The effect of flexible cognitive-behavioural therapy and medical treatment, including antidepressants on post-traumatic stress disorder and depression in traumatised refugees: pragmatic randomised controlled clinical trial

Research output: Contribution to journalJournal articleResearchpeer-review

BACKGROUND: Little evidence exists on the treatment of traumatised refugees.

AIMS: To estimate treatment effects of flexible cognitive-behavioural therapy (CBT) and antidepressants (sertraline and mianserin) in traumatised refugees.

METHOD: Randomised controlled clinical trial with 2 × 2 factorial design (registered with, NCT00917397, EUDRACT no. 2008-006714-15). Participants were refugees with war-related traumatic experiences, post-traumatic stress disorder (PTSD) and without psychotic disorder. Treatment was weekly sessions with a physician and/or psychologist over 6 months.

RESULTS: A total of 217 of 280 patients completed treatment (78%). There was no effect on PTSD symptoms, no effect of psychotherapy and no interaction between psychotherapy and medicine. A small but significant effect of treatment with antidepressants was found on depression.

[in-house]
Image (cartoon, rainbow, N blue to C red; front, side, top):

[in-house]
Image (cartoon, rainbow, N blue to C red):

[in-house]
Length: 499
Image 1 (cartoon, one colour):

CONCLUSIONS: In a pragmatic clinical setting, there was no effect of flexible CBT and antidepressants on PTSD, and there was a small-to-moderate effect of antidepressants and psychoeducation on depression in traumatised refugees.

Original languageEnglish
JournalBritish Journal of Psychiatry
Issue number3
Pages (from-to)252-9
Number of pages8
Publication statusPublished - Mar 2016

    Research areas

  • Journal Article, Research Support, Non-U.S. Gov't

ID: 164455393